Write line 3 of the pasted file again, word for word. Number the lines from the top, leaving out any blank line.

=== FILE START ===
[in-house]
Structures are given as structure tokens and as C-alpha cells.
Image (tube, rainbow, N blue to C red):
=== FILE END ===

Image (tube, rainbow, N blue to C red):